If the lot owners adjoining these areas wanted to mow more often or with a more finished outcome, they were allowed to do so.  I believe this should remain the standard in such areas for a number of reasons, but that is a separate discussion for another time.  Over the past five years or so the maintenance department has tried to finish-mow more of these areas when time allows simply because it provides a cleaner more attractive look along the roadways and makes it easier to find and cleanup litter.

The major issue with this is that now some members expect that these areas will be finish-mowed every week or two as a matter of routine. This is simply not possible during busy times when other projects or issues are more pressing at current staffing levels, but in the absence of an established official standard, it is difficult to convince the membership otherwise.

The idea of written standards for common area grounds maintenance is just a suggestion, but I do hope the Board will consider the usefulness of such. Currently, expectations are simply all over the place.

Proposals Received

Tar & Chip:  The 2019 Tar & Chip RFP went out to Dominion Paving, Carroll Construction, Whitehurst Paving, John Lake Paving, and Hotmixx Asphalt Company on April 8th, 2019.  Only Carroll Construction submitted a proposal.  I believe this is largely due to Carroll’s local market position.

At one time, Stuart Perry offered tar & chip sealing and was in a position to compete with Carroll.  Perry no longer offers tar & chip surfacing and, as a result, there is very little competition in the local area.  Out-of-town contractors who do provide tar & chip applications cannot compete due to the distance and resultant logistics expense and have declined to bid the past two years.

Carroll Construction’s 2019 estimate came in at $121,902.85, based upon the estimated yardages This equates to $2.15 per square yard, slightly higher than last year’s price of $2.10 per yard, but is well within industry pricing norms.  Carroll has worked with the Association on numerous paving projects, road construction, and tar & chip projects over the years and has proven to be a reliable and competent contractor for such work.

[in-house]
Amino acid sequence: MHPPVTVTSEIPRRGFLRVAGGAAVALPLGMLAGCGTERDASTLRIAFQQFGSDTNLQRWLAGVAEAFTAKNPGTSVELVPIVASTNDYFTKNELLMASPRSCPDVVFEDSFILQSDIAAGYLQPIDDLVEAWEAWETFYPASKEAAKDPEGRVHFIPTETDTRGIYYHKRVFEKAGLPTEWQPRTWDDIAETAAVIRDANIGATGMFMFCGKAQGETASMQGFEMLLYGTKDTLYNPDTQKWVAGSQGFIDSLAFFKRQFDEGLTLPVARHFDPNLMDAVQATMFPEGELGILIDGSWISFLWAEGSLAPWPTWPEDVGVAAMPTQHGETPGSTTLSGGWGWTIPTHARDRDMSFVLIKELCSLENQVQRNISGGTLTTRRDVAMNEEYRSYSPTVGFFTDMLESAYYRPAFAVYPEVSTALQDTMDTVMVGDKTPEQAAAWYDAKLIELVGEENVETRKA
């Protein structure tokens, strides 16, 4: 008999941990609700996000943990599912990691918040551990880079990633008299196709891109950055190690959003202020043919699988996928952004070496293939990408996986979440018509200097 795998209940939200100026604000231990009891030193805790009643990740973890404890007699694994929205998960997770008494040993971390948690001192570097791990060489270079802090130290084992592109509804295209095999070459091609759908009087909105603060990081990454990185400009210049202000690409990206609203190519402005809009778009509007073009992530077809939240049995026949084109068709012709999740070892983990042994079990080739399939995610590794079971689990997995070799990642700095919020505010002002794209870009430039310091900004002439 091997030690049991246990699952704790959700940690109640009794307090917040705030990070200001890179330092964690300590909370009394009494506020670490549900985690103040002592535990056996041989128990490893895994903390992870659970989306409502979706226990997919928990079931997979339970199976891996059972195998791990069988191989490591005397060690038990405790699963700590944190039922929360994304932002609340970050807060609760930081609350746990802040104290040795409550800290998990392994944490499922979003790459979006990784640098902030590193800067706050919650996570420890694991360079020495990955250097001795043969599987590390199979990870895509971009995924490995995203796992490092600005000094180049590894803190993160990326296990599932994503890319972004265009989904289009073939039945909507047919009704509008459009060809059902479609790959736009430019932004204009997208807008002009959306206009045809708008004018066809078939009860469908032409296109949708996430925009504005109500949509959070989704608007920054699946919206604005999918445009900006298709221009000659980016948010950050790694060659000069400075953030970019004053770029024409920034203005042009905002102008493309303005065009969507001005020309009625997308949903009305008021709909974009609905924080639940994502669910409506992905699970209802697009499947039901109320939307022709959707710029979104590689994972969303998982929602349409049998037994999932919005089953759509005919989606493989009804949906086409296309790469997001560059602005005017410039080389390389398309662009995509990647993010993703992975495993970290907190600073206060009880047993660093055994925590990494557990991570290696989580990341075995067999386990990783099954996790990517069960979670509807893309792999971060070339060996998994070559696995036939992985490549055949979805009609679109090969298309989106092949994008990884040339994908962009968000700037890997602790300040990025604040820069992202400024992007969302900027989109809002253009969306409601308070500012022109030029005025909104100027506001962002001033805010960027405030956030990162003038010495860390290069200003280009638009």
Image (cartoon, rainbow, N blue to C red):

With this in mind, I recommend that the Association accept the bid and move forward with the planned tar & chip sealing as outlined in the original RFP.

Parking Lot Maintenance and Sealing:  The RFPs for the maintenance and sealing of the Clubhouse and school bus stop area parking lots were sent to Dominion Paving & Sealing, RNJ Paving Company, Donovan Asphalt Paving, and Wilson’s Asphalt Maintenance on April 8th, 2019.  Dominion Paving & Sealing and Wilson’s Asphalt Maintenance both submitted proposals in response.  Dominion’s pricing estimate for the two areas combined totals $28,621 while Wilson’s estimate totals $25,855.

The Association has worked with Wilson’s on a number of projects in the past, including the surfacing and resurfacing of the tennis courts, the recent installation of crosswalks for the Disc Golf Course, plus crack sealing and various asphalt repairs at times.  The Association has not worked with Dominion in the past.

Wilson’s Asphalt has exhibited a high level of commitment to customer satisfaction and has always maintained a high level of professionalism and workmanship in all of our past dealings.  With this in mind, I recommend awarding both parking lot areas to Wilson’s for a combined estimated total of $25,855.  This, when combined with Carroll’s estimate for the 2019 tar & chip application, totals an estimated expenditure of $147,757.85 out of Replacement Reserve for road maintenance applications if all projects are undertaken.